Did you hear Mexico planned to close its border with the U.S. if Donald Trump was elected president? Did you see that Obama was planning to move to Canada? Or the stories about Hillary Clinton’s failing health, or about buses bringing paid protesters to anti-Trump rallies? How about the child-sex ring Clinton associates ran out of a D.C. pizza place?

Welcome to the world of “fake news” that distorted, and maybe undermined, the 2016 presidential campaign.

The story about Mexico closing the border came to us courtesy of Beqa Latsabidze, 22, who runs several fake news websites out of his apartment in Tblisi in the former Soviet republic of Georgia. He posted it on Facebook and Google, generating enough clicks to his pro-Trump site to bring in a monthly haul of about $6,000.

Of course it wasn’t true, not that truth matters to Latsabidze. “For me, this is all about income, nothing more,” he told The New York Times.

The young Georgian made money off the Obama-moving-to-Canada story as well, which he stole from John Egan, a Canadian who told the Times it was meant as satire. Egan’s website, The Burrard Street Journal, displays a mix of real news and fake news, so it’s hard to say.

Both Egan and Latsabidze say they tried aiming some of their stories and sites at Clinton supporters, but they didn’t take the clickbait. Invent a story that makes Obama or the Clintons look bad, though, and the Trump backers eat it up.

People have spread rumors and lies about candidates for as long as we’ve had campaigns, but doing it for profit from another continent feels new. Buzzfeed traced 140 websites devoted to American politics — mostly aimed at Trump supporters — to a single small city in Macedonia, where teenagers peddle fake news to make real money. They dress up their sites to look legitimate — one I saw had a “abcnews.co” web address — sometimes hanging logos from well-known news organizations on their fake stories.

Fake news is a complicated ecosystem. The fake news is created by satirists, small-time hucksters in Eastern Europe, and ordinary folks who post “facts” without checking them out. It is amplified by Russian propaganda operatives, often through automated “bots” that sprinkle lies across social media networks. Website operators, motivated by both politics and profits, spread even the most outrageous untruths. Readers spread them further, for fun or partisanship, making them seem more credible in the process.

Next thing you know, they are popping up in mainstream publications, campaign speeches — or tweets sent by Donald J. Trump himself.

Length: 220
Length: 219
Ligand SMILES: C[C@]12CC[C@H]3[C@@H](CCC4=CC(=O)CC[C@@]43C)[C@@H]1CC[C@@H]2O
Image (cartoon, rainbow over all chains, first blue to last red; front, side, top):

Let us note in passing how disturbing it is that Trump voters are so much more prone to believing fake news than Clinton supporters. It’s also disturbing that Michael Flynn, the president-elect’s nominee for national security adviser, has distributed fake news as if it were real. And that Trump’s top political adviser, Stephen Bannon, ran a conspiracy-mongering website, Breitbart.com, that promoted fake news, including the ridiculous “pizzagate” conspiracy story.

Worst of all, we just elected a president who has been peddling fake news since he first questioned Obama’s birthplace and who continues tweeting lies long after they’ve been debunked by the legitimate press. “What do I know about it?” Trump said on “Meet The Press.” “All I know is what’s on the Internet.”

The rise of fake news is linked to the fall of what is derisively called the mainstream media. Fake news is what we get when technology allows anyone to be a publisher, when we deny the legitimacy of professional journalists, and ignore the practices developed over centuries to ensure that what was printed in the newspaper was more credible than what you heard from some story you heard from a friend of a friend.

Those practices include bylines, showing who is responsible for the story’s accuracy; and editors whose job it is to make sure the reporters get the story right. Traditional media have publishers who hire reporters and share responsibility for their work; organizations with real addresses, that can be sued for libel or suffer economically if they lose credibility with paying customers.

Journalists have standards of professionalism that value fealty to facts and obligations to readers. They have codes of ethics designed to keep news coverage from being purchased by selfish interests.

Of course, reporters can fall short of those professional standards and violate their codes of ethics. But because they sign their work, they can be held accountable for it, and fired. Besides, there’s a world of difference between not meeting professional standards or breaking codes of ethics, and not having any standards or ethics to begin with.

Those who delight in the fall of “mainstream media” need to understand that the opposite of mainstream media isn’t a cable network that leans Republican; it’s the guy in Tbilisi making stuff up and collecting a few cents every time someone takes the bait.
— Rick Holmes writes for GateHouse Media and the MetroWest. He can be reached at rholmes@wickedlocal.com. Like him on Facebook at Holmes & Co, and follow him @HolmesAndCo.